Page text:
More than 40% of consumers say that a search box is the most important feature on their website. If you’re going to implement one on your site? Make sure it actually works for you.
Your Website Is Hard to Navigate
This can’t be stressed enough– your website must be easy to navigate. 94% of consumers say that a website has to be easy to navigate. People want to spend less time online. We live in a busy world and we want to find the information we are seeking quickly, and easily.
And if your visitors are having a hard time finding what they need on your website? They’re likely to leave and look for an answer somewhere else.
Before going through an overhaul of a site’s design, I install CrazyEgg and make some recordings of users’ experience and see first hand how they’re navigating the site, and what it is they’re looking for.
So what makes a website easy to navigate? Here are a few tips from Searchengineland.com that will make it easier than ever for your visitors to find exactly what they are looking for:
- Keep navigation consistent: Navigation should be consistent in both how you navigate and where the navigation is. If it changes from page to page, your visitors will lose their bearings and struggle to reorient themselves to each page.
- Divide categories clearly: If your navigation bar has multiple sections, make sure they are easy to understand, and clearly and visibly defined– categories must be differentiated from sub-headings, even if both are links.
- Make all navigation elements clickable: If it looks like navigation, it should be a clickable link. This is especially true of drop-down navigation menus– your website visitors will expect to be able to click on these.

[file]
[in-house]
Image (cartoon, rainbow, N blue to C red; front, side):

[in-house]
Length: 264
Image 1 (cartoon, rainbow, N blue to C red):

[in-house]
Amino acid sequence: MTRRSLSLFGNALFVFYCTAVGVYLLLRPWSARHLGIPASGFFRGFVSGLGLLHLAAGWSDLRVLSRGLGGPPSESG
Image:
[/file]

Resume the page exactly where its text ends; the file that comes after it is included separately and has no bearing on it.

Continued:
Your Pages Load Too Slowly
I’ve already alluded to this, but it’s something I can’t stress enough: You need a website that loads quickly. Why? It has a huge effect on your page’s bounce rate. The average bounce rate for a page that loads in 2 seconds or less is 9%. But when the loading time increases to 5 seconds? The bounce rate jumps to a whopping 38%!
Page loading time doesn’t just affect your bounce rate though. It can have a big impact on your conversion rates, too. Beauty site Adore Beauty found that just by increasing their page loading speeds, they had a 16.5% higher conversion rate, and consistent improvement in revenue as well.
How can you improve your website’s overall loading speed? Here are a few ways:
- Optimize image sizes: If you don’t need a 1000px image when a 100px image will do, then take the opportunity to optimize your image sizes.
- Enable browser caching so that you can temporarily store data on your visitors’ computers so that they don’t have to wait for your page to load every time they visit.
- Enable compression of your website
At the end of the day, improving your website’s functionality is all about making your website an easier, more pleasurable experience for your visitors. You’re laying out the welcome mat.